Umm… I work! Both of my kids are in college, but still I can’t just abandon my family responsibilities entirely. This religious commitment is looking like a full-time job! Mass – every day? The Rosary – all five decades? Spiritual reading? Meditation? The Stations of the Cross – when it isn’t even Lent?
Are you trying to kill me?
There is of course Catholic precedent for this kind of lifestyle. Read the lives of the saints. Daily communion was a must. The physician St. Joseph Moscati was a daily communicant, and it is said that on days when he was not able to receive Communion, he did not have the courage to attempt to help the sick, claiming, “Without Jesus, I do not have enough light to save my poor patients!” St. Thomas More, Lord Chancellor of England, wrote, “My distractions are numerous, and with Jesus I learn to recollect myself. The occasions of offending God are frequent, and I receive strength every day from Him to flee from them. I need light and prudence to manage very difficult affairs, and every day I can consult Jesus in Holy Communion. He is my great Teacher.”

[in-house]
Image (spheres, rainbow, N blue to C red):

Okay, but St. Joseph died before World War II, and St. Thomas even farther back, during the reign of Henry VIII. Modern life has brought with it certain pressures that they didn’t have to deal with!
Well, how about St. Gianna Molla, the Italian pediatrician who died in 1962? She wrote in her youth a program of spiritual life for herself which included morning and evening prayers, Mass and Holy Communion, at least 10 minutes of meditation a day, visits to the Blessed Sacrament, and the recitation of the Holy Rosary. When her fourth pregnancy was complicated by a uterine fibroid, she refused an abortion and demanded that the physicians save her unborn child even if it should cost her her life. It did. St. Gianna was ready when the moment demanded heroic virtue.
Do you think her spiritual program may have had something to do with that readiness?